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NEW DAY SUNDAY
Nepal Quake Death Toll Rises to 2,263; Wake Scheduled Today for Freddie Gray; High Court Weights State Bans of Gay Marriage. Aired 7- 7:30a ET
Aired April 26, 2015 - 07:00 ET
THIS IS A RUSH TRANSCRIPT. THIS COPY MAY NOT BE IN ITS FINAL FORM AND MAY BE UPDATED.
[07:00:00] BARACK OBAMA, PRESIDENT OF THE UNITED STATES: I look so old, John Boehner has already invited Netanyahu to speak at my funeral.
CECILY STRONG, COMEDIAN: Whenever a big story breaks, I can turn to CNN and watch Anthony Bourdain eat a cricket.
OBAMA: And they have found a fool-proof way to keep people off my lawn. There he is.
(END VIDEO CLIP)
CHRISTI PAUL, CNN ANCHOR: Just make sure you got a little smile in today. Thank you so much for starting your day with us.
VICTOR BLACKWELL, CNN ANCHOR: We've got a lot coming up in the next hour of NEW DAY, and it starts right now.
BLACKWELL: New aftershocks shake Nepal and, now, the latest number. More than 2,200 people confirmed dead. Hospitals and emergency centers so overrun, a lot of people are forced to treat patients outside.
PAUL: And the situation on Mt. Everest is just frightening. At least 17 people killed in avalanches and rock falls on both slopes. The snow in the rocks flattening part of one of the camps there.
BLACKWELL: And rough storms roll through parts of Alabama, Florida, Kentucky and millions more under a weather threat today from the plains to the Gulf Coast.
Good to be with you this morning. We'll get to all of it. I'm Victor Blackwell.
PAUL: And I'm Christi Paul. So grateful for your company.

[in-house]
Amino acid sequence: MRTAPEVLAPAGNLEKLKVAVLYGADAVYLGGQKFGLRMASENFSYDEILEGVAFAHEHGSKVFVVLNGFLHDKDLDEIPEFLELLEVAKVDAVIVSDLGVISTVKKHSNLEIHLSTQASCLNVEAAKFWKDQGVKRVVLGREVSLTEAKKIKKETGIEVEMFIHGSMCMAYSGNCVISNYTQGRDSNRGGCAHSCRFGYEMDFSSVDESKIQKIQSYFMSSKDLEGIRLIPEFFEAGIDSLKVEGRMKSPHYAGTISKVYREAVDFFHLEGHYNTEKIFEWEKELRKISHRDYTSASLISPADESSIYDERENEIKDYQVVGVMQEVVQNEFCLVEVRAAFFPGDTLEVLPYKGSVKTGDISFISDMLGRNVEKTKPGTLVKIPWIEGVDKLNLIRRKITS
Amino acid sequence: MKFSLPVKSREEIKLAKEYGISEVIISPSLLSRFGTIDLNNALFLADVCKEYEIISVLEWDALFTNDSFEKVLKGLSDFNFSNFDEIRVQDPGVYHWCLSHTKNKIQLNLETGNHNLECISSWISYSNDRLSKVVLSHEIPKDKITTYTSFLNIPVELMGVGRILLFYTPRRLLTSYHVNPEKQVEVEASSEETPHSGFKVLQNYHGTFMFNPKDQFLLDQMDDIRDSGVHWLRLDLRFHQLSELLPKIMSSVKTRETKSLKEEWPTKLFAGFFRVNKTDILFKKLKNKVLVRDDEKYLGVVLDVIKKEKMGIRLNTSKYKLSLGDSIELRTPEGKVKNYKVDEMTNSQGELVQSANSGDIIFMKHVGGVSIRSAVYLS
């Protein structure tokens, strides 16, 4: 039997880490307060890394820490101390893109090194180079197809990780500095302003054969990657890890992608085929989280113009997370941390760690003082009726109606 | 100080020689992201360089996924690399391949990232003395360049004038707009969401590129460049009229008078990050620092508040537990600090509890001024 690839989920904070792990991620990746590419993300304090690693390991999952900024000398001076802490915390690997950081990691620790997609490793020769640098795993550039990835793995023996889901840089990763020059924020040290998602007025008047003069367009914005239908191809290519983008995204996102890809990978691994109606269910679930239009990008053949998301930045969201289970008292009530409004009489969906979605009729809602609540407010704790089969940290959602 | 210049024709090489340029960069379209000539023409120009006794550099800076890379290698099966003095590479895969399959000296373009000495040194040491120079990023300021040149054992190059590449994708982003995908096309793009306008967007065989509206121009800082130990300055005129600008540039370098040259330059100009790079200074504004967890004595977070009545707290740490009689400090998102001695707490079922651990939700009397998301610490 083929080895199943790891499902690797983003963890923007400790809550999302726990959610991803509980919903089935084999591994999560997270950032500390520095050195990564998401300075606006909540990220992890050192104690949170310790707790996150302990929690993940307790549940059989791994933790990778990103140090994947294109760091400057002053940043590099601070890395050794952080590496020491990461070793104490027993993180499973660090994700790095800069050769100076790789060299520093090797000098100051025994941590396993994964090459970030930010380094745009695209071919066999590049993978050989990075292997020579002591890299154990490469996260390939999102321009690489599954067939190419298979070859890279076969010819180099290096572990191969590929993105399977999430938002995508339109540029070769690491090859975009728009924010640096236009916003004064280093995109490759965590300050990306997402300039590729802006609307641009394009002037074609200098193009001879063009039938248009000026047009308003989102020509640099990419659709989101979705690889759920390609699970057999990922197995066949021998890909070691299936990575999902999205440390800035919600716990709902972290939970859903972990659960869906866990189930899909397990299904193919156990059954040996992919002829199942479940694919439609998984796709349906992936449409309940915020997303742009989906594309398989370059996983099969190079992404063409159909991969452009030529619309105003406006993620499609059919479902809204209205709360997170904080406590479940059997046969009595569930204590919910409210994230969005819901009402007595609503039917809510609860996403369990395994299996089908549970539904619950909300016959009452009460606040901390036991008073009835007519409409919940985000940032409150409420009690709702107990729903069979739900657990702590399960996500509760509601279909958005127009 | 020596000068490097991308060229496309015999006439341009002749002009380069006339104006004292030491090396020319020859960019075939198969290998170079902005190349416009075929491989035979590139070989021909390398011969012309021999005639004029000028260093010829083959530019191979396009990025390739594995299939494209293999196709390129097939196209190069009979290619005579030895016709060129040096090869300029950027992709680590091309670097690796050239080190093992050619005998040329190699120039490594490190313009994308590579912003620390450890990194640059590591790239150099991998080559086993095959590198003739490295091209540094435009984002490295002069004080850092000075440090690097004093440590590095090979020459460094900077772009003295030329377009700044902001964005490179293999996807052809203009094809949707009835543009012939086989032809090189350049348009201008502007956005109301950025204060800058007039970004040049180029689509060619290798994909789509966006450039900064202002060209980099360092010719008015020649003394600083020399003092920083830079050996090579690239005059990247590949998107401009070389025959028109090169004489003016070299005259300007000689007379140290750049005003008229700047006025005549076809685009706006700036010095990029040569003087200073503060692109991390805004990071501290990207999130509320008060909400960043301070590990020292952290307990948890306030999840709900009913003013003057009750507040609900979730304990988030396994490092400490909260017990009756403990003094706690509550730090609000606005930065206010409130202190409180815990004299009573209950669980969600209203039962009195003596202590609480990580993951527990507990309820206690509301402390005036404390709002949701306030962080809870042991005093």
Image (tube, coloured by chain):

Let's talk about Nepal this morning, because the new aftershock of 6.7 rocked the Himalayan nation after a deadly earthquake of 7.8 magnitude, of course, that hit the capital Kathmandu. More than 2,200 people killed now, that is just in Nepal. That is the latest number we have just gotten in a couple of minutes ago. And, of course, it's expected to rise as rescue and relief efforts are continuing through the day.
Thousands of people are injured. Hospitals are overflowing. And people spent the night outside in the rain and the cold as aftershocks continue, because they were too afraid to go inside buildings.
The U.S. and India and China are sending basic supplies, food, water, tents, blankets, as well as medicine to the victims.
BLACKWELL: CNN correspondent Mallika Kapur is following the story for us.
Mallika, there was a 6.7 aftershock. Did you feel that aftershock?
MALLIKA KAPUR, CNN CORRESPONDENT: Victor and Christi, rescue and relief teams are making their way to Nepal to help victims of the earthquake, but they simply can't get it into Nepal fast enough, because the aftershocks and the tremors continue. A few hours ago, Sunday afternoon, there was a major aftershock, 6.7 on the Richter scale which is really like an earthquake in itself.
And just to put into context, I am in Kolkata, in India, which is 900 kilometers away from Nepal. If you had to fly from Kolkata to Nepal, it could be more than an hour flying time, and we felt the tremor, the aftershock over here in Kolkata. You can imagine how bad the situation is in Nepal. With every hour, the need for rescue efforts, the need for emergency supplies is only getting more and more severe.